I address each of these categories of evidence in turn.

1. Findings of Fact Regarding Testimony of ADA Rucker and Decline to Prosecute Forms

Since 2007, ADA Rucker has been chief of the complaint and arraignments bureau at the Bronx DA. In this position, she oversees the arrest to arraignment process, ensuring "that we evaluate all cases that are coming through and making sure we are doing the right thing." ADA Rucker testified that around 2007 she started to become concerned about cases in which people were being stopped and then arrested based solely on their having entered or exited a Clean Halls building. Especially in 2009, judges began dismissing these cases frequently, sometimes saying that the police had no right to approach the arrested person in the first place.*fn64

ADA Rucker also started to receive a steady stream of complaints about trespass arrests from the defense bar, the Legal Aid Society, and the Bronx Defenders.*fn65 At first, she ignored the complaints. But in 2010, her staff began telling her that judges were not only dismissing trespass cases, but were finding evidence that the defendant lived in the building where the trespass was said to have occurred.*fn66

Finally, in 2011, ADA Rucker investigated the law governing trespass stops based on entry to and exit from a Clean Halls building, and she determined that the office's position on the prerequisites for a legal stop had been wrong.*fn67

She sent memos to a number of commanders and other police officials clarifying that, contrary to previous statements, observing someone exiting a Clean Halls building is not by itself a sufficient justification for a stop.*fn68 ADA Rucker testified that she sent the memos in her official capacity, and that the memos expressed the views of the Bronx DA's office.*fn69

I find ADA Rucker's testimony credible. It is no small matter when an ADA publicly suggests that the NYPD has been engaged in a recurring pattern of unlawful stops. Such testimony is entitled to significant weight. A prosecutor has professional and institutional incentives to be skeptical of allegations that the police are making stops and arrests without a legal basis. That ADA Rucker overcame her skepticism says a great deal about the severity of the problem she came to recognize. I also note that the NYPD itself found ADA Rucker sufficiently trustworthy to allow her to train police officers regarding procedures in the complaint room.*fn70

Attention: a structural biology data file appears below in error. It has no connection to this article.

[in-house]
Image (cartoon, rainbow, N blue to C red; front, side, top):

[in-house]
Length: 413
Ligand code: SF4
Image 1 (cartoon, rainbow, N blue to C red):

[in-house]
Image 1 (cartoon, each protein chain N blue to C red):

Yet defendants argue that ADA Rucker's impression that a problem existed regarding unlawful trespass stops at Clean Halls buildings was unfounded, and in fact rested only on the two specific cases she discussed in detail at the hearing.*fn71 Defendants' argument is without merit. ADA Rucker made clear that over the years she learned of "many" cases involving unlawful trespass stops at Clean Halls buildings,*fn72 that "the judges kept dismissing" them,*fn73 that "[a]t least five" judges had dismissed Clean Halls trespass cases based on lack of probable cause,*fn74 and that her concerns were also based on complaints from other ADAs, phone calls from the arraignment parts, and ADAs coming to her after leaving court, or when sent to her by their supervisors.*fn75 ADA Rucker explicitly stated on cross-examination that her concerns were not based only on the anonymous letter and the indoor stop highlighted by defendants.*fn76

To the extent that ADA Rucker's concerns were based partly on statements made by non-parties who did not testify at the hearing and whose statements do not fall under any hearsay exception, I give no weight to the truth of those statements. I do not accept, however, the insinuation that ADA Rucker invented the problem of unlawful Clean Halls trespass stops in order to lessen the Bronx DA's caseload,*fn77 or that she imagined the dismissed trespass cases under pressure from the Bronx Defenders.*fn78 ADA Rucker's concerns are independently corroborated by numerous "decline to prosecute" affidavit forms. As ADA Rucker explained, the Bronx DA's office produces these affidavits after a police officer or witness is interviewed and the office declines to prosecute the case.*fn79

The decline to prosecute forms are an important source of information and I have reviewed each of them. Plaintiffs entered into evidence twenty-six forms generated by the Bronx DA's office in support of its decision not to prosecute cases involving arrests for trespass outside TAP buildings in the Bronx over three sample months in 2011.*fn80